The tribe of Anak (i.e., Anakim) was the family of Nephilim that had dominated Canaan. Their name, Anak, means a neck or necklace, indicating that they were probably known for their long necks or (as some suggest) for their gold necklaces.
A different tribe of Nephilim were known as Rephaim, who lived on the east side of the Jordan River in the land of Bashan. The name Rephaim comes from rapha, “to heal,” and may have referred to their use of balsam oil that was famous for its healing properties. Balsam was grown in Gilead, and the Israelites who displaced the Rephaim learned the secret of distilling it. So Jer. 8:22 asks, “Is there no balm in Gilead? Is there no physician there?”
The Israelites destroyed the last of the Rephaim after Moses led Israel to the land of Moab, preparing them to cross the Jordan. Deut. 3:11-13 tells us,
11 “(For only Og king of Bashan was left of the remnant of the Rephaim. Behold, his bedstead was an iron bedstead; it is in Rabbah of the sons of Ammon. Its length was nine cubits and its width four cubits by ordinary cubit.) 12 So we took possession of this land at that time…. 13 And the rest of Gilead, and all Bashan, the kingdom of Og, I gave to the half-tribe of Manasseh, all the region of Argob (concerning all Bashan, it is called the land of Rephaim).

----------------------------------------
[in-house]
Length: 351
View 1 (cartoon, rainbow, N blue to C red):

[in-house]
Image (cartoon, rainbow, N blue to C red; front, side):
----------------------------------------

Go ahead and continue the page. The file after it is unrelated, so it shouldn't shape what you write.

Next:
Og’s bed was nine cubits in length according to the ordinary cubit of six handbreadths (19.8 inches). Og’s bed, then, was 14.85 feet long, which suggests that Og himself was probably about 13 feet tall.
Whatever happened in Gen. 6:4, these “sons of God,” or “angels,” as Jude calls them, produced Nephilim, which name is from the Hebrew root word naphal, “to fall.” Hence, we get the term “fallen angels,” that is, angels who fell into rebellion or apostasy.
Other Hebrew interpreters explain this by saying that the angels had attacked—i.e., had fallen upon their victims. In this case, the victims are said to be the daughters of men who were forcibly taken from their parents. Whatever the explanation, they believed that the angels had “fallen” in taking the daughters of men as wives.
The result of this was that giants (Nephilim) ruled that area near Mount Hermon, where the angels had actually descended in Genesis 6:2. The Book of Enoch, chapter 13, verses 6 and 7 tells us,
“And they were in all two hundred; who descended in the days of Jared on the summit of Mount Hermon, and they called it Mount Hermon, because they had sworn and bound themselves by mutual imprecations upon it.”